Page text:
Senator Blumenthal advocates for crumb rubber research


NEW HAVEN, Conn. (WTNH) — Senator Richard Blumenthal is urging the appropriation leaders in Congress that they fund crumb rubber research. The recycled ground-up tires are used in artificial turf, athletic fields, and for gardening. The study would determine whether exposure to crumb rubber surfaces made from scrap tires pose a health risk.

President Obama proposed a million-dollar budget for an investigation into the safety of it.

“There is now very concerning evidence that crumb rubber field may pose serious health hazards to children and other who use them. A million dollars is a good beginning. At least it begins the process of studying. A million dollars may be insufficient and may need to be supplemented, but at least it’s a beginning toward an objective independent assessment which has never been done,” said Blumenthal.

Environmentalists said they want communities throughout the state to stop using crumb rubber until there’s more research.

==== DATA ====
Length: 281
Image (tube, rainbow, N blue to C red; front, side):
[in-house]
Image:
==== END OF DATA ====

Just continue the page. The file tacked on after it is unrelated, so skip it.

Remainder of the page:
“One of the reasons why we are so concerned about the use of these materials on children’s playgrounds is because tires are actually considered by federal law to be hazardous waste but once they are shred up and they are turned into a consumer commodity they no longer meet the definition of a tire,” said Lou Burch with the Citizens Campaign for the Environment.

Mother of three, Anna Cunningham brings her kids to play at this crumb rubber playground often. She says it’s a concern.

“I have little ones and they put everything into their mouths. There’s not a time we come here my son doesn’t put at least one piece in his mouth,” said Cunningham.

“There is rubber gardening mulch that’s made out of the same exact kind of materials that’s widely available at most of the hardware stores but we also see a lot of these kinds of products being used for different type of walkways, different kinds of playscapes throughout the community,” said Burch.

“I think it is something that definitely needs to be looked into and legitimately looked into,” said Cunningham.

“Everybody affected by these kinds of recycled crumb rubber fields deserves to know. Whether it’s people who drink water and it may contaminated by the recycled field, people who use it in their gardens, people who’s children play on it. We need to know and the results are important,” said Blumenthal.

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